All patients underwent unilateral LITT targeting mesial temporal structures. FreeSurfer software was used to derive cortical and subcortical segmentation of the brain (especially subregions of the MTL) using preoperative magnetic resonance imaging (MRI). Ablation volumes were outlined using a postablation T1-contrasted MRI. The percentages of the amygdala, hippocampus, and entorhinal cortex ablated were quantified objectively. The volumetric measures were regressed against changes in neuropsychological performance before and after surgery, RESULTS: A median of 73.7% of amygdala, 70.9% of hippocampus, and 28.3% of entorhinal cortex was ablated. Engel class I surgical outcome was obtained in 79.5% and 67.4% of the 43 patients at 6 and 20.3 months of follow-up, respectively. No significant differences in surgical outcomes were found across patient subgroups (hemispheric dominance, hippocampal sclerosis, or need for intracranial evaluation). Furthermore, no significant differences in volumes ablated were found between patients with Engel class IA vs Engel class II-IV outcomes. In patients undergoing LITT in the dominant hemisphere, a decline in verbal and narrative memory, but not in naming function was noted.

Seizure-free outcomes following LITT may be comparable in carefully selected patients with and without MTS, and these outcomes are comparable with outcomes following microsurgical resection. Failures may result from non-mesial components of the epileptogenic network that are not affected by LITT. Cognitive declines following MTL-LITT are modest, and principally affect memory processes.

Courtesy of:

Heart rate variability in epilepsy: A potential biomarker of sudden unexpected death in epilepsy due to sodium channel mutations

Myers KA, Bello-Espinosa LE, Symonds JD, Zuberi SM, Clegg R, Sadleir LG, Buchhalter J, Scheffer IE. Heart rate variability in epilepsy: A potential biomarker of sudden unexpected death in epilepsy risk. Epilepsia. 2018 Jun 6.doi: 10.1111/epi.14438. [Epub ahead of print]


Sudden unexpected death in epilepsy (SUDEP) is a tragic and devastating event for which the underlying pathophysiology remains poorly understood; this study investigated whether abnormalities in heart rate variability (HRV) are linked to SUDEP in patients with epilepsy due to mutations in sodium channel (SCN) genes.

We retrospectively evaluated HRV in epilepsy patients using electroencephalographic studies to study the potential contribution of autonomic dysregulation to SUDEP risk. We extracted HRV data, in wakefulness and sleep, from 80 patients with drug-resistant epilepsy, including 40 patients with mutations in SCN genes and 40 control patients with non-SCN drug-resistant epilepsy. From the SCN group, 10 patients had died of SUDEP. We compared HRV between SUDEP and non-SUDEP groups, specifically studying awake HRV and sleep:awake HRV ratios.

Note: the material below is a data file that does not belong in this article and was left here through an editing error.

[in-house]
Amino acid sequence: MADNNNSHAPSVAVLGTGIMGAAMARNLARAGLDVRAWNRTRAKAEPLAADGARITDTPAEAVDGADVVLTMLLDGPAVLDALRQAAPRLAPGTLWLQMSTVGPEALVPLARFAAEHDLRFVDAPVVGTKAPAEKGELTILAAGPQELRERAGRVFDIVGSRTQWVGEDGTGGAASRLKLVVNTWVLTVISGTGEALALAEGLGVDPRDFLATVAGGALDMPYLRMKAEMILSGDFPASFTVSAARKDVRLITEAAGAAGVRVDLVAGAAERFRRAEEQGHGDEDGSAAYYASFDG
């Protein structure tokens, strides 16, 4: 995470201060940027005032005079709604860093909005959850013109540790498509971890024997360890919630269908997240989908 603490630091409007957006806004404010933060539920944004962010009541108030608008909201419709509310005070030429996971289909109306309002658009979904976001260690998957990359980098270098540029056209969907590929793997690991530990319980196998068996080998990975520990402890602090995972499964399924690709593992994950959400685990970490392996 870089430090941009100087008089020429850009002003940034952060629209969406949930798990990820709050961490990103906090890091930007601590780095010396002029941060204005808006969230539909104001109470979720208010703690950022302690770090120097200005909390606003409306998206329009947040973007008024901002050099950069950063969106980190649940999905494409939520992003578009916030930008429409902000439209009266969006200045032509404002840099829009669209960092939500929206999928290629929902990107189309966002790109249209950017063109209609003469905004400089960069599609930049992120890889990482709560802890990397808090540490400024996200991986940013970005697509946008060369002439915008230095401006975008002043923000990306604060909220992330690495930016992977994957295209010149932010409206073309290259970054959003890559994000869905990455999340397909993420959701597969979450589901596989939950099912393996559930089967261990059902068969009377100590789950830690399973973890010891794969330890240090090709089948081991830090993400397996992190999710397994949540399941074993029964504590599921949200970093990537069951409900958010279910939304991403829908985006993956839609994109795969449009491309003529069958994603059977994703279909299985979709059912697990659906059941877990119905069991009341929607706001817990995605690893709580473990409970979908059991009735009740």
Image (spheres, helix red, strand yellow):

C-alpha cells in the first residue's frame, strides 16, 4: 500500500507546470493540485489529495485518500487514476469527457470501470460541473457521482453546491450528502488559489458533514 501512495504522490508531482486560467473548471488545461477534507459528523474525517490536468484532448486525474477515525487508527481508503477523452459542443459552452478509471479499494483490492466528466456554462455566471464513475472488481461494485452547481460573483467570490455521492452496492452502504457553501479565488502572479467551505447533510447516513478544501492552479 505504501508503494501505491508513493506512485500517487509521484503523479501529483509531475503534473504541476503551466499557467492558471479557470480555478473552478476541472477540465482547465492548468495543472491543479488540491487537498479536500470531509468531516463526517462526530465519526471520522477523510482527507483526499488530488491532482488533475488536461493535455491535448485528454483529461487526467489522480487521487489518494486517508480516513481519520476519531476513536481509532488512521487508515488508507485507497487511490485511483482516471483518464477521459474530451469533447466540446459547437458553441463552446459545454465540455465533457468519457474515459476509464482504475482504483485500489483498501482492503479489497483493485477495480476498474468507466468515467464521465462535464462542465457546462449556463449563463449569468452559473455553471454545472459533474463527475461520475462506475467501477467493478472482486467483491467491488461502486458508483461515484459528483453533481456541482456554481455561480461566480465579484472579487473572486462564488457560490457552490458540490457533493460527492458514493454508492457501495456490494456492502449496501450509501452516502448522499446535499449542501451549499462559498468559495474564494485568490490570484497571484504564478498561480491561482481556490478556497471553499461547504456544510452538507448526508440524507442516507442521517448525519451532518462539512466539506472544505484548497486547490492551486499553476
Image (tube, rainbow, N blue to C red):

The SUDEP patients had the most severe autonomic dysregulation, showing lower awake HRV and either extremely high or extremely low ratios of sleep-to-awake HRV in a subgroup analysis. A secondary analysis comparing the SCN and non-SCN groups indicated that autonomic dysfunction was slightly worse in the SCN epilepsy group.

These findings suggest that autonomic dysfunction is associated with SUDEP risk in patients with epilepsy due to sodium channel mutations. The relationship of HRV to SUDEP merits further study; HRV may eventually have potential as a biomarker of SUDEP risk, which would allow for more informed counseling of patients and families, and also serve as a useful outcome measure for research aimed at developing therapies and interventions to reduce SUDEP risk.

Courtesy of:

Myelin protein zero mutation in Charcot-Marie-Tooth Disease

Lorance DK, Mandigo KA, Hehir MK. Novel Myelin Protein Zero Mutation in 3 Generations of Vermonters With Demyelinating Charcot-Marie-Tooth Disease. J Clin Neuromuscul Dis. 2018 Mar;19(3):101-107.


We report the clinical phenotype in 3 consecutive generations with demyelinating Charcot-Marie-Tooth disease that possess a novel sequence variant of myelin protein zero (MPZ).

Family members from 3 consecutive generations were interviewed, examined, and studied with electrodiagnostic testing. Commercially available next-generation sequencing was performed for the proband. Single-gene analysis was performed for the remaining family members.